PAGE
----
When I hear someone say "you need self-respect" or "love yourself" I wonder what they are really talking about and if there is some hidden agenda in the comment. It is only lately that I've come to understand myself and know fairly well who I am, but do I respect myself? Sometimes I do but there are times when I simply prefer to act the fool. It entertains me.

I think the main thing people look for in someone they want to hire is someone who is like themselves, and if I were hiring I would love to find a person with a self-deprecating sense of humor and someone who does not take their self too seriously. Someone light and friendly and kind. Someone who whines occasionally. A person who takes a stand for what is right and good. And if they should know how to do the job, that could be a good thing also.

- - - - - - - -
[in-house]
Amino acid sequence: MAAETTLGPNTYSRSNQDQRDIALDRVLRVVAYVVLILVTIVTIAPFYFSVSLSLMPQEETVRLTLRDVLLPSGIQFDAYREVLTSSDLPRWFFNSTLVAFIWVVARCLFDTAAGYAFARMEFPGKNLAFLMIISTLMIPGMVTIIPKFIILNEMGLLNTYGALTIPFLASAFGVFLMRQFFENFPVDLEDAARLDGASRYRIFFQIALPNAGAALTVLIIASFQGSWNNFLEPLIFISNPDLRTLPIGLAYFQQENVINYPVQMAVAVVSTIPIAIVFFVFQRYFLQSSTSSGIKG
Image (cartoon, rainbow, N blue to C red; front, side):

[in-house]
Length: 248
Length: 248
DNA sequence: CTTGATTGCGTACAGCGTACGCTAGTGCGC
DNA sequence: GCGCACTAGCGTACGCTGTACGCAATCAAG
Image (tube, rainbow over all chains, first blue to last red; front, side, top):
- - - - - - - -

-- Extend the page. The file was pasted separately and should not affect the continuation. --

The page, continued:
April 12, 2014

Sun Shining on Mt Hood at Sunset with Moon Rising

The tiny white triangle at the horizon -- Mt. Hood as the sun reflects off the snow. Moon rising and Union Station down in the lower right corner.

Better seen in person as my phone camera obviously does not do justice to the beauty of the mountain, the moon, and even Union Station with its sign lit up in blue neon. You have to be here.

I love the vastness of the sky, and am reminded of Japanese paintings where the landscape and nature are all important and human beings little specks of the greater whole.

If only I had Petra's camera and her skill. Check out her photos and living stories of foreign lands and deserts at Talulaah's. She takes some truly awesome photos and her life is always fun to follow as an armchair tourist.